First off: As far as we can tell, there is *not* a major international incident developing involving the U.S., Iran and a downed plane. What *is* happening? Hard to tell: There were a flurry of reports this morning that said Iran was claiming to have forced down a U.S. military plane. But the Pentagon says that’s not the case, and subsequent reports are only getting fuzzier.
Want to get really fuzzy? Head to Twitter’s Summize search engine and type in “Iran” (we’ve got a live version below), and you’ll see just how loud and confusing the Twitter echo chamber can be.
Part of the problem: While Twitter theoretically treats all voices equally, some carry much more weight than others. Jason Calacanis, for instance, has nearly 43,000 people follwing him. So when he taps out “Breaking: US miltary plane forced to land in Iran after breaking air space. Just heard on France24 hour news. October surprise? Hostages?!” that has huge ripple effect in the Twittersphere.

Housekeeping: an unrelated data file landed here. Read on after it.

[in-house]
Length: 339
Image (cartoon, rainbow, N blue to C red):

Similarly, there are multiple Twitter feeds that claim to be affiliated with Reuters, which is as cautious and by-the-book as mainstream media gets. So when “ReutersFlash” says that “Iran news agency says U.S. warplane violated iran territory, forced to land in Iran” that seems meaningful to Twitters’ “didja hear?” users. Consume carefully.
See Also: Iran’s New Secret Weapon: Photoshop